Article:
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Near Children’s Grand Park

April 30, 2010

Soaking in the pleasure of being on a raised patio overlooking passers-by.

Every major street in Seoul looks the same. There is neither the daytime thrill nor the nighttime trepidation of wandering into a foreign neighborhood, as one has so often in American cities. One will be safe wherever one goes; one street will be identical to another, only more or less nice looking. This is one of those nice streets – the downhill incline gives it a little bit of character in this generally flat city; treetops, their boughs top-heavy with thick leaves like 80’s flattops, flutter but don’t sway in the wind, while the Korean flags on every other street lamp’s pole strain and billow under the stress. Everything, including the white and color of the flags, is tinged with day sun-gold.

Every passerby in Seoul looks the same. Except for the group of young elementary school students – red sweater, white sweater, green jacket, black jacket and purple jacket with yellow sweater – who cackle and fall over each other, hilarious. Except, maybe, the young mother straining to cycle and wobble up the hill with her son in a back carriage – she wears a black and white striped shirt, jewelry, and auburn hair, and her son looks around with dispassion. And a young man in a purple jacket and glasses skips rather too ridiculously up the hill past me, and when seen he grimaces and quivers with embarrassment.

They are college students walking up this hill, mostly, for this is a college area – Sejong University, after the 15th century philosopher-monarch who invented the Korean written language, who made possible the storefront signs and advertisements all around us. Who invented a language — yes.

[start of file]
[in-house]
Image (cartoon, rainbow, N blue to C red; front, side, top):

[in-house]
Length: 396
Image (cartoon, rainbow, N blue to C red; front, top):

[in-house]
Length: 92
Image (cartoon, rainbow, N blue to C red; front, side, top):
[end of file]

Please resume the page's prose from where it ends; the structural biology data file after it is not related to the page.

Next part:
They are old folks and children walking down this hill, mostly, because it is easier to walk down than up.

Every cafe in Seoul is the same. This one is called Fripan, and advertises Croissant & Coffee (it’s funny what passes for a croissant these days). It has a nice patio, but the nice patio has the same Korean pop music that all sounds the same, save for those songs and singers that my Korean students demand I learn and, of course, “Nobody” by the Wondergirls. Before I begin writing I regret having chosen and paid for this spot, and would sit anywhere else if streets had tables and patios one could sit on, free of charge.

But now it is OK, forgettable. Every sound in Korea is the same, save for those handful of Korean words I know – annyeong haseyo, juseyo, kwenchenayo, eopseoyo – and the English speaking foreigners in subway cars and occasional cafes – and even then, my interest is mere reflex.

A man in a business suit squinting behind his glasses is mid-30s and stares at me, also out of reflex. A man wears a vest and a necklace that look vaguely 1960’s, but isn’t. A delivery truck driver’s synthetic windbreaker matches the pale sky-purple of his truck, no doubt unintentionally.

Every day in Seoul is the same. Not, for that reason, bad. A young American may learn to accept a degree of sameness, may learn homogeneity when he is too used to difference and variety. It does him well, somehow, though he doesn’t know why.

Accordian from the cafe loudspeakers – out of character — and a sexy voice sings pseudo-Parisian. Adds to the day’s color a hint of noir as an ambulance roars by and spreads its red instantly. Both fade away in time.


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